Some in Warrenville, Lisle want to annex to Naperville

This would be a rarity: at least a few residents of two suburbs are interested in being annexed by the large suburb next door.

Apparently spurred by the recent emphasis on government consolidation in DuPage County, residents in Lisle and Warrenville are circulating petitions to place referendum questions on the April 4 ballot to measure support for proposals to annex their communities to Naperville. A similar petition has been rumored to be circulating in Woodridge.

Officials in all four towns said Friday they don’t know what’s behind the effort and stress that the complexities and likely resistance to such consolidations make them extremely unlikely…

“I would oppose that proposal 100 percent,” Broda said. “Each town has unique characteristics that make them special. Longtime Lisle residents wouldn’t even want to think about it. We want to keep the uniqueness of our communities.”…

Naperville is a fine community, he said, “but we have a strong identity of who we are and we have no desire to be part of Naperville.”

The general idea is intriguing if you want to put some conservative ideals into practice. Illinois, in particular, has many local taxing bodies – over 6,000 – and reducing the number of these could streamline operations and possibly lower taxes.

But, why would these particular suburbs want to be part of Naperville? What would they gain? The only thing I could really think of is prestige: for a few decades, Naperville has impressed both with its growth and its amenities. However, that growth has slowed (and won’t significantly increase unless Naperville makes some big decisions about allowing denser developments) and to some the amenities might be outweighed by the downsides of being large (think more traffic, lots of outsiders, etc.). Leaders of nearby suburbs are very aware of Naperville’s growth and, like in this article, are quick to note that they do not aspire to be Naperville and their communities have their own strengths.

Generally, I can’t imagine many existing suburban communities would want to merge with another suburb. The only two scenarios I could imagine: one suburb goes broke and/or one suburb is so small and their infrastructure costs so high that annexation makes sense to spread the cost.

Just to note: the time to become part of Naperville was decades ago. Warrenville finally incorporated in the 1967 after several failed votes in order to help protect itself from Naperville’s expansion. Naperville and Lisle also had conversations in the postwar decades about where each wanted to expand.

How a growing suburb plans to remain “a small town at heart”

Many growing suburbs claim to still be small towns in spirit. Here is how the mayor of Warrenville makes this argument while explaining a new development:

At the September 21, City Council meeting, nearly unanimous preliminary approval was given to a new development that will occupy a 4.3-acre site adjacent to the Warrenville Library called Settlers Pointe. this moderate dense development will consist of 34 single-family homes, 14 two-story and 20 three-story units, selling in the $350,000 to $450,000 price range. I believe this project will be a wonderful addition to Warrenville on many levels, but there was a time when I would have viewed this development through a different lens, and because of its density, would have been adamantly opposed to it as “not in line with the character of Warrenville”…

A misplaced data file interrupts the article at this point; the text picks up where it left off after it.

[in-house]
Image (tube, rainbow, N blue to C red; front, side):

In the case of Settlers Pointe, it will be good for Warrenville in many ways. It is an attractive development being done by an accomplished and quality developer (google David Weekley Homes) who knows the market. You have told us that a very high priority is economic development. Essential to that goal is “rooftops”. Businesses will not invest in areas without enough people to support them. these new homes will help spur the redevelopment of our downtown, something else you have given us as a priority…

Rural may no longer be geographically possible for our town, but we have resolved to remain a small town at heart. this is the “character” that you have consistently told us that is most important to you to enhance and preserve. It is independent of housing style or lot size. The people who choose to come to Settlers Pointe in Warrenville will do so because they see who we are and want to be one of us: small town folks enjoying the best of all possible worlds.

This explanation seems to me to be a bit odd given the relatively small size of the development – it is a small site though centrally located – yet the way it is made is similar to pitches I’ve seen in other suburbs in my research. Here are some key elements:

  1. Americans generally like the ideas of small towns. As this earlier post put it, American politicians push small town values in a suburban country. The vast majority of Americans live in urban areas – over 80% – yet they hold to older visions of community life. Appealing to small town ideals is a safe move.
  2. Broader social forces have pushed a community past its old identity and the community can’t go back. Once there is a certain level of growth or enough time has passed, “progress” is happening with or without us. (Of course, there are plenty of communities where they try to freeze things in time. See this example. But, those who support new development often say this can’t be done – and they’re probably right in thinking about the long-term.)
  3. New growth can be good, even as it contributes to change and a newer identity. Economic reasons are typically cited: business growth is good, an expanded tax base is good, new attention from potential new residents is good.
  4. The development under approval is not too different from what already exists. If there is a group fighting the project, they will argue otherwise.
  5. Even with change and growth, it is possible to hold on to the “character” or “spirit” of a small town. Local officials typically refer to the actions of residents and community groups, implying that people still know and care for each other. For example, Naperville leaders suggest their suburb with over 140,000 people still has this spirit.